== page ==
In one embodiment of the invention, the HIFC may be injected into an injection well by first mixing components W and S, preferably in the gas phase, prior to injection. In other embodiments of the invention, separate lines for components W and S can be used to independently, but concurrently, introduce steam and/or hot water and solvent into the injection well, where the steam and/or hot water and solvent will mix in-stream at the surface prior to injection or in-stream in the wellbore after injection. A separate solvent injection line is particularly suitable for retrofitting existing processes. Also, it may be easier to monitor the solvent flow rate when separate steam and/or hot water and solvent lines are used to inject the HIFC.

Also, as discussed above, component W injections may be alternated with injections of component S or a mixture of component S and component W. In this embodiment, the alternating injection intervals are sufficiently small to produce the target W to S volume ratio in-situ in a mixing zone 108 (illustrated in FIG. 1) in the near-wellbore region around the injection well.

Reservoir simulation software can be used to determine the appropriate length and volume of each alternating injection for a target W to S volume ratio in the mixing zone 108.

In effect, the mixing zone in the near-wellbore region in the formation becomes an in-situ “mixing pot” for injected components W and S. It will therefore be apparent to one skilled in the art that it is not necessary to pre-mix components W and S prior to injection nor is it necessary to co-inject components W and S to achieve the advantages of the present invention.

As shown in the Example, when appropriate, a substantial portion of the solvent may be recovered in the produced oil. Advantageously, all or a portion of the solvent may be separated from the produced oil, for example, for recycle to the HIFC. But, it may also be desirable to leave all or a portion of the solvent in the produced oil to assist in pipeline transport.

Applications

Oil is produced by injecting a HIFC into the injection well and producing the oil from the producing well. In the present invention, oil is produced from a subterranean formation having at least one wellbore, but preferably two or more wellbores.

In a single wellbore embodiment, the wellbore may contain, therein, one or more well conduits. Where a single well conduit is used in a single wellbore, the conduit could be used sequentially as a means for injecting a HIFC and means for producing oil. In such a single wellbore embodiment, preferably, multiple well conduits are used in the single wellbore and each conduit may be used either sequentially or concurrently to inject a HIFC and produce oil.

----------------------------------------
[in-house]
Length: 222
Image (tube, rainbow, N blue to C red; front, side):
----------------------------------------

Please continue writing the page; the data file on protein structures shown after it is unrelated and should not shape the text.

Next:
In the multiple wellbore embodiment, there are at least two wellbores, each of which may contain one or more well conduits and each conduit may be used either sequentially or concurrently to inject a HIFC and produce oil. In such a multiple wellbore embodiment, preferably, there is an injection wellbore having only one injection conduit and a producing wellbore having only one producing conduit, wherein the HIFC and oil are, respectively, injected and produced substantially concurrent with each other.

For ease of discussion, reference herein to an injection well and a producing well includes single wellbore and multiple wellbore embodiments.

In the case of either the single or multiple wellbore embodiments of the invention, if fluid communication is not already established, it must be established, at some point in time, between the producing wellbore and a region of the subterranean formation containing the oil affected by the injected HIFC.

The present invention may be initiated with steam- and/or hot water-only, solvent-only, a mixture of steam and solvent or a mixture of hot water and solvent. The present invention may also be applied to retrofit existing processes, including steam- and/or hot water-only, solvent-only and combined steam and/or hot water and solvent processes. Examples of steam-only processes are described in U.S. Pat. No. 4,344,485 (Butler, Aug. 17, 1982) and U.S. Pat. No. 5,413,175 (Edmunds, May 9, 1995). Examples of solvent-only processes include U.S. Pat. No. 5,899,274 (Frauenfeld et al., May 4, 1999) and U.S. Pat. No. 5,167,280 (Sanchez et al., Dec. 1, 1992). And examples of combined steam and solvent processes are described in U.S. Pat. No. 4,753,293 (Bohn, Jun. 28, 1988), U.S. Pat. No. 5,148,869 (Sanchez, Sep. 22, 1992) and U.S. Pat. No. 4,697,642 (Vogel, Oct. 6, 1987). An example of a combined hot water and solvent process is described in U.S. Pat. No. 4,884,635 (McKay et al., Dec. 5, 1989).